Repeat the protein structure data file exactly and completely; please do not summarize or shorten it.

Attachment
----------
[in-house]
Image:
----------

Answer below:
[in-house]
Image: